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How U.S. policy made oil go up. Then down
Brian Milner, Globe and Mail
Anyone who still makes the claim that October holds nothing on September when it comes to the cruel treatment of investors obviously doesn't go anywhere near the commodities game.
Nothing escaped devastation this October, triggered by forced selling, fading economies and the global flight to safety. Not metals, not grains, not gold, not sugar and definitely not oil. Copper posted its largest monthly decline in more than two decades. Wheat tumbled more than in any previous month for the past 22 years. For gold, you'd have to wander back to 1983 to find a similar nosedive.
... Oil, though, stood in a dismal class of its own. By the time exhausted traders packed it in for the month, the price had plunged more than 32 per cent. It was the biggest-ever monthly drop. Since peaking just above $147 (U.S.) a barrel in July, light sweet crude has fallen down a drill hole, closing yesterday at $67.81.
... Mr. Pickens and plenty of other like-minded investors became convinced that oil had nowhere to go but up, even after it passed the $100 threshold. They trotted out all kinds of charts to make their case that demand was so strong, we would never see cheap energy prices again. Peak oil and overwhelming Chinese demand became their twin mantras. Some analysts, ever eager to get in front of a trend, even started talking up $200 oil.
Too bad they weren't paying attention to a veteran energy economist named Philip Verleger Jr., who insists oil never should have gone much above $70 a barrel; that it did so only because of "a perfect storm" of U.S. policy mistakes, European economic developments and currency shifts; and that it could well end up back in the low $20s before the global economy gets back on its feet.
(1 November 2008)
Chevron Project Offers Glimpse Of Future: More Work, Less Oil
Russell Gold, Wall Street Journal
Chevron Corp. executive Ali Moshiri spent the past seven years scouring the globe for hard-to-get equipment, schmoozing foreign officials and taking billion-dollar risks to fast-track a new oil prospect off the coast of Brazil.
Despite the full-out effort, Mr. Moshiri concedes Chevron's $3 billion Frade (pronounced Frah-jay) project is a mediocre prospect compared with the huge pools of easy-to-get oil the company has tapped in the past. Even if it fulfills its greatest promise, the deep-water oil field will contribute only a trickle to the global river of petroleum. And Frade, whose first well is now being drilled, could still fail to deliver enough oil to make all the effort worthwhile.
But Mr. Moshiri remained dedicated to the project for a simple reason: It's about as good as it gets these days. For oil companies seeking to reverse years of falling production, the consuming and expensive birthing of Frade has become the norm.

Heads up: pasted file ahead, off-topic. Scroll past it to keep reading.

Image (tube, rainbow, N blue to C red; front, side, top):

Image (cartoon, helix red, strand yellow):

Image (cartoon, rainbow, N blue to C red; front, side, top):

(30 October 2008)
Exxon's Production Falls as Profits Soar
Steve LeVine, Business Week
ExxonMobil's third-quarter earnings demonstrate the mixed universe occupied by Big Oil as a whole today—the company reported record profits but its lowest production volume in almost a decade. The Irving (Tex.)-based corporation says it earned $14.8 billion in the third quarter, an increase of 58% from the same period last year. Exxon is on track for a third straight year of record earnings—in both 2006 and 2007, the company earned some $40 billion. In each year, that was the most ever for any company on the planet.
Despite the breathtaking profit, however, the report weighed on Exxon's share price on Oct. 30. Exxon closed up 0.5%, at 75.05, after falling as low as 71.44 during the trading session. One of the main reasons was its reported production volume. The company produced just 3.6 million barrels of oil per day, an 8% drop from the same period last year. It's the lowest production since Exxon bought Mobil in 1999. Since then, Exxon's production has mostly fluctuated between 3.8 million and about 4.2 million barrels a day...
(30 October 2008)
Russia, China sign landmark oil pipeline deal
Russia and China on Tuesday signed a long-awaited deal to build an oil pipeline from Siberia to China after talks between Prime Minister Wen Jiabao and Russian counterpart Vladimir Putin.
The leaders watched as Chinese state energy major CNPC and Russian state pipeline monopoly Transneft signed the deal to build the pipeline from the Siberian town of Skovorodino to the Chinese border.
The pipeline agreed on Tuesday would have a capacity of 15 million tons of oil per year and would be a branch of the main East Siberia-Pacific Ocean trunk pipeline, which is still under construction, officials said.
... Amid lower energy prices, analysts say China is now seizing its chance.
... "We need to build oil and gas pipelines, increase downstream and upstream cooperation and increase cooperation in the nuclear sphere," said Zhang, head of China's State Energy Bureau, speaking through a Russian interpreter.
(29 October 2008)